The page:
Bloggers give Penticton WBC a winning score

Allison Markin said the writers who came to Penticton for the 2013 Wine Bloggers Conference went away impressed.

Coffee was the drink of choice for Rebecca Rader and other diners at breakfast Saturday at Gyro Park for the 2013 North American Wine Bloggers’ Conference in Penticton. Organizers say licensing an outdoor event in a public space is too difficult in B.C.

Coffee was the drink of choice for Rebecca Rader and other diners at breakfast Saturday at Gyro Park for the 2013 North American Wine Bloggers’ Conference in Penticton. Organizers say licensing an outdoor event in a public space is too difficult in B.C.

Allison Markin said the writers who came to the 2013 Wine Bloggers Conference went away impressed.

It really shouldn’t come as a surprise. After all, Markin, along with Tourism Penticton and lots of help from the community, has spent the last two-and-a-half years working to produce exactly that effect on the nearly 250 bloggers that attended the conference.

And, she said, they’ve already started tweeting and writing blog posts about their experiences here. One example of that is Tom Wark (fermentationwineblog.com), a wine writer from northern California. In a post labelled “Top 10 things I learned a the Wine Bloggers Conference,” he wrote, amongst other things that “Penticton, British Columbia really is a must visit for serious wine lovers, and its Penticton Lakeside Resort was the most beautiful venue yet for a Wine Bloggers Conference.”

Many of the bloggers who attended, according to Markin, are saying it was the best Wine Bloggers Conference yet.

This was the sixth annual conference, and the first to be held in such close proximity to the vineyards.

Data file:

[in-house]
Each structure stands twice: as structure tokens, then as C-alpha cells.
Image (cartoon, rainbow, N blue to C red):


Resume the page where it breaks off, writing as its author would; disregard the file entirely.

Markin said there are two main impressions that the bloggers came away with. One was the spectacular scenery, both out their hotel room windows and on the Friday afternoon excursions which took them out into the five different parts of the South Okanagan Similkameen wine country.

“I’ve never seen so many pictures of beautiful sprawling Okanagan vistas posted on social media,” said Markin. They were also impressed, not just with the wines, but with the chefs and their culinary creations.

“Many came to Canada thinking we were all donuts, coffee and poutine, but have gone away with a completely different impression of Okanagan food culture,” said Markin.

The online buzz generated by the conference was considerable and should result in a major boost to the profile for the region.

“The last time I checked the Twitter count and the number of impressions, it was more than two million and the tweets are still coming in. I think we could be beyond three million by the time all is said and done,” said Markin. “This reinforces our story that we are a fantastic wine region and people should be coming to visit us.”

Some of the bloggers did, however, make note of B.C.’s restrictive liquor laws. Wark even included them on his top 10 list.

“The liquor laws of British Columbia are insanely anti-consumer and terribly protectionist. The citizens of this province deserve much better and B.C. wine bloggers should lead the charge to change the laws,” wrote Wark.

And that is something that Markin has high on her to-do list, in the aftermath of the conference, to take the blogger feedback and impressions, and use some of the content they have created to increase the presence of the Free My Grapes (freemygrapes.ca) campaign.

“If we could modernize our laws, we could do something even better in the future. That for me is the next step,” said Markin.